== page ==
“Nisid Hajari, in “Midnight’s Furies” (Houghton Mifflin Harcourt), his fast-paced new narrative history of Partition and its aftermath, writes, ‘Gangs of killers set whole villages aflame, hacking to death men and children and the aged while carrying off young women to be raped. Some British soldiers and journalists who had witnessed the Nazi death camps claimed Partition’s brutalities were worse: pregnant women had their breasts cut off and babies hacked out of their bellies; infants were found literally roasted on spits’.”

“By 1948, as the great migration drew to a close, more than fifteen million people had been uprooted, and between one and two million were dead.”

As unimaginable as the violence was, it was not by any means unique.  In fact it is reminiscent of episodes in central Europe during World War II—just a few years earlier.  Niall Ferguson considers the origins of the violence that permeated the twentieth century in his history The War of the World: Twentieth-Century Conflict and the Descent of the West.  Consider one example of a political situation that was analogous to that of India.

There was a region of mixed Ukranian and Polish populations.  These people coexisted for centuries while political rule resided in a far-off capital.  With the end of World War I and the subsequent redrawing of borders, the possibility that one group could gain political control over the other became real and the two groups began to segregate themselves politically if not physically.  During World War II the area was successively occupied by the Russians, the Germans, and the Russians again.  It was time to prepare for dominance in the postwar era.  The constraints of civilization disappeared and violence ensued.  Consider Ferguson’s description:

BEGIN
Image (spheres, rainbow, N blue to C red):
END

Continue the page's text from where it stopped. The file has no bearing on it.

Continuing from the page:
“The Ukraine was perhaps the most blood soaked place of all.  In Volhynia and Eastern Galicia, members of the Organization of Ukrainian Nationalists (OUN), egged on by the Germans, massacred between 60,000 and 80,000 Poles.  Whole villages were wiped out, men beaten to death, women raped and mutilated, babies bayoneted....As another Pole recalled, ‘Stories abounded of Polish mothers being held by the Ukrainian Nationalists and forced to watch as their families were dismembered piece by piece; of pregnant women being eviscerated; of vivisected pregnant women having cats sewn into their bleeding abdomens; of Ukrainian husbands murdering their Polish wives; of Ukrainian wives murdering their Polish husbands; of Ukrainian fathers killing their own sons in order to prevent them from murdering their own Polish mothers; of sons of Polish-Ukrainian heritage being sawn in half because, the Nationalists said, they were half Polish; of children being strung up on household fences; of helpless infants being dashed against buildings or hurled into burning houses’.”